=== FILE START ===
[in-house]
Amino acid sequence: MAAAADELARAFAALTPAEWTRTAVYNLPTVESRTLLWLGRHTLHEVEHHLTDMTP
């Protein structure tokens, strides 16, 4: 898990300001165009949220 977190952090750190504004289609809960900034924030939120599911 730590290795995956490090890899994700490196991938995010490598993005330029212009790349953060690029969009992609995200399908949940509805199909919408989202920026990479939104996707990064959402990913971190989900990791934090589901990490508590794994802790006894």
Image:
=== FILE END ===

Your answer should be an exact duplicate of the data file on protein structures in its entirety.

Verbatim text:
[in-house]
Amino acid sequence: MAAAADELARAFAALTPAEWTRTAVYNLPTVESRTLLWLGRHTLHEVEHHLTDMTP
């Protein structure tokens, strides 16, 4: 898990300001165009949220 977190952090750190504004289609809960900034924030939120599911 730590290795995956490090890899994700490196991938995010490598993005330029212009790349953060690029969009992609995200399908949940509805199909919408989202920026990479939104996707990064959402990913971190989900990791934090589901990490508590794994802790006894």
Image: